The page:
By Lucille Redmond

By day, Antonie Knoppers is an actor, stalking the stage in Shakespearean drama or appearing in famous Dutch soaps as a corrupt lawyer or a villainous doctor. But by night – shazam! – Antonie is a multicultural shape-changer.

Well, not really by night:

Antonie – star of hit Dutch TV shows and the Richard Gere film The Hoax – also plays parts in seminars run by Intercultural Business Improvement, giving its trainers and licensees a personal taste of cross-cultural negotiation and influencing.

“It’s one thing to understand cultural differences – it’s much more vivid to experience them,” says Antonie. He should know: He grew up between the US and the Netherlands, with a Dutch father and a US American mother.

Antonie works between New York, Los Angeles and Amsterdam.

In the Netherlands, he has starred in the police drama Flikken Maastricht and the long-running soap Goede Tijden, Slechte Tijden (Good Times, Bad Times). “I play a lot of bad guys, for some reason,” he says, with an evil laugh. “Managers, lawyers, doctors.”

He was an actor with a solid background in Shakespeare and villainy when one of the big Dutch development banks hired him to act in training scenarios. He discovered a new talent. “I played a ghoul executive who had taken over the bank in the future: I came into the boardroom and told the managers how things were going to be different,” he says.

“I was doing it in a very American style – in a sort of nice way. But if you really listened to what I was saying it would give you pause to go ‘Oh! I don’t think he’s being that nice!’. It was my way or the highway.”

Oscar van Weerdenburg of Intercultural Business Improvement was one of the trainers in this course, and he was blown away by Antonie’s acting and its effect on people’s understanding of the concepts they were training. Oscar asked Antonie to work with him creating scripts to illustrate the core intercultural competencies involved in IBI’s own training.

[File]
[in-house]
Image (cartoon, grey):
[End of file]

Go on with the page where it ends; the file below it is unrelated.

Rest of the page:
The scripts are tremendous fun – and very culturally revealing. Antonie’s favourite scenario is a conversation between an Indian team member, and his boss. Antonie is the Indian, while the boss will be played by one of the professionals attending the seminar and learning about the cultural competencies.

The boss, in the scenario, wants the Indian staffer to come in on his day off. The rest of the people taking the seminar watch their conversation attentively, taking note of the cultural signals, and afterwards they can share feedback with the role-players on what has happened, how the two cultures have interacted.

“We briefly explain the situation: ‘You’re a manager; you’re about to have a conversation with Rajiv, one of your team members’,” says Antonie.

“You’re about to launch a new website and you need everyone to be there in case anything goes wrong. Have a little conversation to ascertain if he’ll come in on his day off, and then maybe ask him about his family – you’ve had dinner there before, and you know them’.”

The play lets have proved extraordinarily successful, opening out people’s feel for intercultural work.

“Oscar’s amazing, he has a dry, funny sense of humour – but there is a lot of theory, and so it’s very effective to say, ‘This is the theory – now, do it!’,” says Antonie.

“People are thrown in with the lions: They’ve been hearing about, say, intercultural communication, but now they have to apply it.”

Antonie was nervous of presenting this scenario before a group of managers from all over the world – including some from India. But the second he started speaking, in his character as the Indian tech support guy who’s being asked to sacrifice his day off, there was a wave of laughter – led by the Indian executives.